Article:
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Panel agrees PC(USA) should defend right to boycott over human rights

 

ST. LOUIS — In its final day of work, the Middle East Issues Committee sent forward what its advocates call a free-speech measure — one that could potentially set the Presbyterian Church (U.S.A.) at odds with legislation that has drawn strong support in Congress.

On June 19, the committee endorsed a call for the church to resist federal and state efforts to levy penalties for boycotts, divestments or sanctions (BDS) aimed at human rights violations in Israel and Palestine. The measure (overture 12-01, from the Synod of the Covenant) describes legislation embodied in Senate Bill 720 and House Resolution 1697 as a looming threat that would impose civil and criminal penalties for nonviolent BDS actions.

The overture passed on a 50-2 vote with some slight change of wording. Like other actions passed by the committee, it will go next before the plenary session of the denomination’s 223rd General Assembly.

Richard Davis, a teaching elder from the Presbytery of Yellowstone and a member of the Middle East Issues Committee, voiced satisfaction June 19 as the committee wound up its work. “I felt it went in God’s direction” he said.

Referring to the defense of free speech, one advocate told committee members, “we have done this kind of thing for decades — maybe even centuries.”

Catherine Gordon of the PC(USA) Office of Public Witness told the committee that 19 other faith-based groups and denominations have gone on record opposing the federal legislation. If the PC(USA) joined them, she said, it would “help educate the public about what’s going on.”

Senate Bill 720 would levy civil and criminal penalties upon United States’ citizens and companies that participate in BDS policies and strategies, including fines of $250,000 up to $1,000,000 and up to 20 years in prison for those who engage in BDS against Israel. According to the American Civil Liberties Union, as of March, the Senate Bill had the support of more than 42 senators and H.R. 1697 had the support of 247 House members — more than enough to pass in that chamber.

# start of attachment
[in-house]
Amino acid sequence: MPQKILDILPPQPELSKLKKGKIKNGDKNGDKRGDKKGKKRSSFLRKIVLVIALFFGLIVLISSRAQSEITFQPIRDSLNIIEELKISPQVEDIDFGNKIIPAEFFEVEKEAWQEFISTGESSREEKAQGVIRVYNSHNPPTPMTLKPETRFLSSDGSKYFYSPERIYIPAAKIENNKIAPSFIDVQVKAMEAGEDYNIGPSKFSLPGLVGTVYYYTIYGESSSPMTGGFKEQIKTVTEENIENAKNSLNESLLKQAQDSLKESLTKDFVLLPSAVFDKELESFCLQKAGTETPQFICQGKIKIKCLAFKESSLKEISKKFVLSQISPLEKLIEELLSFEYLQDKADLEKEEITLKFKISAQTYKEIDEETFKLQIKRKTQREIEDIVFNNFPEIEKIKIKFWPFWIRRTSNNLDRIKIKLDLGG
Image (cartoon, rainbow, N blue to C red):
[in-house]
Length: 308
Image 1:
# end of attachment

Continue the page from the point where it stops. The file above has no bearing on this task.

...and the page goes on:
Gordon said the proposed law would not exempt boycotts aimed at Jewish settlements on Palestinian land.

In another matter, discussion grew heated over a commissioners’ resolution dealing with Palestinian suffering in recent confrontations at the Israel-Gaza border.  That measure (12-10) also passed easily, on a 33-4 vote, but some committee members grew uneasy with language in it that they felt cast blame for deadly violence too heavily on one side.

The resolution cites the killing of more than 20 Palestinian medics serving the wounded, and it calls for inquiry into violations of international humanitarian law by the Israeli military. Some commissioners stood firm for blunt language blaming Israel.

“We don’t need to whitewash things that are so offensive to God,” said Victor Makari, missionary advocacy delegate for Israel and Palestine.

But, deferring to some members’ unease with language that they felt glossed over Palestinians’ role in inciting violence, Makari also helped craft a reference to the role of Hamas, the Palestinian faction that governs Gaza, for its role in fomenting violence amid largely peaceful demonstrations by Palestinian civilians. The group also changed wording that implied Israelis deliberately targeted the medics.

Still, some members seemed to feel the resolution was out of balance. David Rose, a teaching elder from the San Juaquin Presbytery, said he would probably vote for it, but it was “with a great deal of sadness, and some amount of embarrassment for the church.”

Kenneth Kelley, a teaching elder in the Florida Presbytery, said that where he lives, people wonder why Presbyterians “are always condemning Israel and never have anything to say about the violence committed by Hamas and the Palestinians.”

The committee disapproved  Commissioners’ Resolution 12-12, which would reject the idea that Israel is “a colonial project” and would instruct PC(USA) agencies and staff to avoid language that carries that suggestion. Specifically, the church would have to stop distributing “Why Palestine Matters: The Struggle to End Colonialism.” The vote to disapprove was 48-4.

The Middle East Issues Committee also approved:

  • Overture 12-02 from the Synod of the Covenant, which directs church officials to appeal to the federal government to use diplomatic tools to bring Israel into compliance with the Universal Declaration of Human Rights by changing laws, policies and practices that favor its Jewish citizens over its Christian and Muslim citizens and other ethnic minorities. The vote was 47-4.
  • Overture 12-05 from the San Francisco Presbytery, which urges Presbyterians to seek open, truthful dialogue with Jews regarding the Israeli occupation of Palestine. The vote was 34-17 for a shortened form of this overture.

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